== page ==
The White/Yolk Theorem
Suppose you and a friend want to split an egg.
Neither of you wants to be cheated out of your
fair share, and it's not enough to split the
overall egg into two equal halves. You want to be
sure you get exactly half of the yolk and exactly
half of the white.
If the egg has the nice symmetric shape of a
surface of revolution, then any straight cut
along the axis of symmetry will do the trick. A
knife blade can cut along any plane including
this axis, and exactly half of the yolk and half
of the white will be on each side. And a
two-dimensional picture is enough to show what
is going on.
But suppose the yolk has settled to one side.
Now there is no axis of symmetry. For
simplicitly, we consider first a two-dimensional
version of the problem, though now this is not
exactly equivalent. Can we still find a
straight line (along which to cut) that divides
each region (the white and the yolk) exactly in
half? In the example shown, the yolk is still a
round disk, so we know the cut has to go through
its center. As we sweep possible cut-lines
around this center, we start out with more white
above the cut, and end up with more white below,
so somewhere in the middle we could find the
The same argument won't work if the yolk isn't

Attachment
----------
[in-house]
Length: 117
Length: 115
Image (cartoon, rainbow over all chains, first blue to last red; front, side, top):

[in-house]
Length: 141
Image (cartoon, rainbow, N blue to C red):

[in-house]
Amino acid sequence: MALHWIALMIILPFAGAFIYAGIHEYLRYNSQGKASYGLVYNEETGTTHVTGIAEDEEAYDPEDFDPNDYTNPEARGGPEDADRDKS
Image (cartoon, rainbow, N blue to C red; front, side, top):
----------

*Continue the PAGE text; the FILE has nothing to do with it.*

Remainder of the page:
perfectly round. But a surprising theorem says
that we can still find a straight-line cut which
divides the yolk and the white exactly in half,
no matter what shape they have. In fact, any
two areas in the plane (even if one or both are
split into several pieces) can be both divided
exactly in half by a properly chosen straight
cut. So even a scrambled egg can be divided
fairly with a single cut!
Here are some examples
of pairs of regions; using the java program, you
should try to divide each one fairly.
In three dimensions, we can do even better. We
have greater freedom to choose the direction of a
single straight cut (now along some flat plane),
so in fact we can arrange to simultaneously divide
each of three different volumes exactly in half.
For instance, we could fairly divide not just the
yolk and white, but also the shell of an egg.
This amazing fact is often called the ham sandwich
theorem since it shows you can fairly divide the
ham, the cheese, and the bread when splitting a
ham sandwich (even if the ham and cheese are not
laid out nicely). This is a consequence of the Borsuk-Ulam theorem in